PopCap, the Seattle-based casual game developer behind the “Bejeweled” series, today presented a study on US and UK consumers who play games on social networking platforms finding that, contrary to popular belief, the average social gamer is a 43-year old female.
According to the study, almost 24% of the 5000 survey respondents play social games at least once a week, indicating that the social games market in the US and the UK has grown to a total of almost 100 million consumers. 55% of social gamers are female while 45% are male and the average age is 43. It is notable that US social gamers tend to be older than their British counterparts, with an average age of 48 (38 in Britain) and 46% of American social gamers being 50 or older while only 23% of social gamers in the UK belong to that age group. In the US and the UK combined, only 6% of all social gamers are age 21 or younger.
The survey also found differences in the consumption of and attitudes towards social games between men and women. More women than men play social games several times a day (38% vs. 29%), and women are more apt to play social games with real-world friends than men are (68% vs. 56%) whereas men are more inclined than women to play with strangers (41% vs. 33%). Also, women are much more likely to play with relatives than men (46% vs. 29%).
The survey also provides evidence for the growth of social games. More than half (56%) of social gamers have been playing social games for more than a year but about one quarter (26%) only started playing social games withing the last 6 months. About a third (35%) of social gamers say their consumption of social games has increased over the past three months, compared to 10% who said it has decreased.
“This study establishes social games as a fast-growing and quickly maturing pastime for an enormous portion of the population,” noted Robin Boyar, founder and principal at Thinktank Research, a market research consultancy specializing in gaming and the digital consumer.
And these social gamers are playing with great intensity. Almost all social gamers (95%) play multiple times per week and nearly two-thirds (64%) play at least once a day, suggesting that social games truly do get you hooked, though this is more true for U.S. players (68% are daily players) than for U.K.- based social gamers (55%). Social gamers´ most popular games for weekly or more frequent play are Farmville (69% of all social gamers who play Farmville say they play once a week or more), Bejeweled Blitz (65%), Texas Hold’em Poker (63%), Cafe World (61%) and Mafia Wars (59%).
The survey also revealed the main reasons for playing social games. Most social gamers cited “fun and excitement” as their main motivation (53%). Stress relief (45%) and “competitive spirit” (43%) were next most popular respectively, followed by “mental workout” (32%) and “connect with others” (24%). Interestingly, only 17% of UK-based social gamers chose “connect with others” as a reason for playing, compared to 28% of their U.S. counterparts.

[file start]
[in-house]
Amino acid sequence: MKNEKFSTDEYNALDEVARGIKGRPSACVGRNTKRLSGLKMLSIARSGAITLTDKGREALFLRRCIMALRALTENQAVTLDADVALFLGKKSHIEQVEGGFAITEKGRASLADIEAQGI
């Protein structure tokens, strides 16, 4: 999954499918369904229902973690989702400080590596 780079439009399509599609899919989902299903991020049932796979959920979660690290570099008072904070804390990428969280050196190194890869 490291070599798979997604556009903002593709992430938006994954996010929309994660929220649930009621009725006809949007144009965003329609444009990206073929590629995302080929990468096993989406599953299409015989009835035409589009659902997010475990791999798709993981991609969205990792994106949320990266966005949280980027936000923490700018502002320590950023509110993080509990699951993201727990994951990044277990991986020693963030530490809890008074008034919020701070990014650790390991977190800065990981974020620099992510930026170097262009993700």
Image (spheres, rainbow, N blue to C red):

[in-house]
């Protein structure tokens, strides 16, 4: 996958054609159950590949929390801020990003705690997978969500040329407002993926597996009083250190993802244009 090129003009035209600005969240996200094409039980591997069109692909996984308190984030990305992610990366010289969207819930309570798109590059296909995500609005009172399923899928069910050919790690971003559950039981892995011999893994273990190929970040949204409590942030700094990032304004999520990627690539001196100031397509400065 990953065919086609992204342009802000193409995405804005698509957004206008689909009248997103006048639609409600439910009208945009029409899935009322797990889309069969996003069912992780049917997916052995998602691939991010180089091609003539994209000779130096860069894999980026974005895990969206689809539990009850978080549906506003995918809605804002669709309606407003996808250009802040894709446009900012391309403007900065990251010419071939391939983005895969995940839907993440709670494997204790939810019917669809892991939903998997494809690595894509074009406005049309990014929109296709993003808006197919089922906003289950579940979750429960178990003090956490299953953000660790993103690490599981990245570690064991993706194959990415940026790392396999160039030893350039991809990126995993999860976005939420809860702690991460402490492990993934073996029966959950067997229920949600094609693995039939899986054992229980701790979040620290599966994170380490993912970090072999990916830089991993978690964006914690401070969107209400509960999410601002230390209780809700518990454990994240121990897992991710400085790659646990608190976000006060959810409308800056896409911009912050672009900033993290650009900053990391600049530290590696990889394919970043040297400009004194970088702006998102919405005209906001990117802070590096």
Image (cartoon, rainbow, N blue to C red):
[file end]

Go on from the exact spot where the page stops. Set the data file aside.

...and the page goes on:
As for the social networks that users choose to play social games, attracting 83% of social gamers Facebook by far leads the pack compared to 24% who play on MySpace, 7% on Bebo and 5% who play on Friendster. Given that 49% of social gamers log into social networks specifically to play social games and that social gamers on average spend 39% of all their time on social networks playing games, social games have become a major source of traffic for social networks. As Boyar puts it,”With more than 80% of social gamers stating that playing social games strengthens their relationship with friends, family and colleagues, social gaming reinforces the core appeal of social networks.”
According to the survey, word-of-mouth is the most common way that social gamers hear about new social games. 57% of social gamers rely on a recommendation or in-game alert from a friend while 38% said they learn about new games from ads on social networking sites and 27% cited standard web searches as a source of information on new social games. Social gamers have played an average of 6.1 different social games; 39% have played between three and five social games and 13% say they’ve played more than 10.
Finally, the study revealed that 53% of of social gamers say they’ve earned and/or spent virtual currency in a social game, but only 28% have purchased virtual currency with real-world money and only 32% have purchased a virtual gift. Nearly a third (32%) of social gamers say they’re likely to purchase virtual items with real-world currency. A quarter of social gamers say they’ve been misled by an ad or other “special offer” tied to a social game they’ve played.
More detailed survey results and the survey´s methodology are available at